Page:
Just Because Two People Fell In Love

Written By: Christine Campbell

When we were young, when our life together was just beginning, we would drive out to what felt like the end of the world, easy driving, laughing, talking, Westhampton Beach, Shinnecock, sometimes turning at Sag Harbor, sometimes going straight to Montauk. Passing farms, furrowed rows and rusted tools, whitewashed potato cellars and meadows, green grass, horses and cows, we held hands and dreamed of our tomorrows.

I remember looking at the big white houses with their green roofs and shutters, window boxes stuffed with red geraniums, hedges lush with rhododendron blooms thinking that if some of my favorite wishes would come true I’d be in a home just like these with him by my side. Maybe we’d have a little boy who looked like him or a sweet little girl I could dress in lace.

Like the turning of the windmill blades, the days and weeks and months went by and there was a white house with green shutters. Not quite as big as the houses of our youth and not in Amagansett but plenty big enough for us and our girls, one who loved lace and dress up and one who loved soft and cozy, looking a bit like him and a bit like me and beautifully themselves. And both so loved by us.

We came with our little ones and shared our secret places. (Well, truth be told some of them we saved just for us.) Lighthouses, and souvenirs, farm fresh vegetables at Doug’s Vegetable Patch, the girls and I would laugh and tease their father asking when he had become a farmer since his name was Doug. Picking fresh red apples, searching for the best pumpkins and lips stained with strawberries we’d welcome our summer and our autumn. Camping in a tent and a pop-up on the beach, thinking we were almost there when we passed Stephen Hands Road, when really we still had a ways to go. Storms and monopoly games and yummy, sticky marshmallows, hot dogs on the grill, bacon and eggs on a propane stove, inflatable rafts on the bay and us. The four of us together, dreams coming true, so blessed.

Sometimes, just the two of us would run away and of course we’d drive east feeling lighter as we passed Quogue and Southampton, Water Mill and Wainscott. We’d hold hands and whisper the words that were only for his ears and mine, he carved our initials in a heart on a tree and I drew our names in a heart in the sand. He’s logical and I’m romantic. Hmm maybe we’re both romantic. We’d talk about the future and what we hoped to do, and the joy we felt because of the things we’d already done. We’d sit on the porch of our room and listen to the ocean waves crash against the sand as the stars filled the sky and we shared our love.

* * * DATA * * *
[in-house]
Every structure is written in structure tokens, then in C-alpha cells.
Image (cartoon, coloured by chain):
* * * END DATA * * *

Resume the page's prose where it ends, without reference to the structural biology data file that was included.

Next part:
Sunny, sandy beach days, silly costumes, jewel colored leaves, Christmas trees and crunchy snow, seasons fly and we didn’t need to run away to be alone, the girls had other things to do and many friends with which to do those things. I filled pots and gardens with geraniums, rhododendron, hydrangea and daisies and the swing set was replaced with a garden swing. No little ones were running or digging in the yard, so I filled it with flowers and plants creating a garden, as the girls, our true flowers bloomed and grew. Busy as we were, we needed respite the weathered cedar, the ginger bread mouldings, wisteria crawling across the roof of Bayberry, the release of our breath as we passed Second House Road.

Parties and limos, first gowns and boyfriends our days moved along as swift as the tide. Lulled by the summer breeze of forever tomorrows we watched our girls become women as our love matured like the bouquet of the finest wine. There were fewer dreams being dreamed but more dreams coming true. A time of question and change: graduation and college choices, business and career changes, money questions, lots of questions and a few good answers.

Visiting Yesterdays Treasures remembering and savoring our own treasures, we counted our blessings. The farms gave way to vineyards and we marveled at their knotty beauty, trained along the trellis, their perfection a calming meditation. Sharing clam chowder and lobster rolls we discussed treatment options and clinical trials, who to tell and when and how to believe in hope. Ours was always a positive love, we had weathered our share of sadness and yet we relied on each other to comfort and protect through life’s storms.

And so, as the mourning dove nestles under the wing of her mate, I did the same. Train rides and blood counts, wigs and promises that things would be ok we moved through days as rough as the water at Turtle Cove. Friends and relatives, conversations of have I ever told you, bowls of soup, cascades of flowers and a wall of cards. Pachelbel Canon, sweet violins, Eye of the Tiger, strong survival, love songs and rosaries, kisses and smiles accompany the journey to wellness.

Our anniversary always starts the Christmas season for us, two weeks before Christmas we decorate and celebrate with our girls and then off we go, just the two of us to our get-away. Christmas lights reflecting off the ice at Town Pond, evergreen wreaths, velvet ribbons against white picket fences. Anticipation for our weekend and for the new year ahead, gratitude for health and a love that endures, incredulous at the dreams that we dreamt that came true, all because two people fell in love.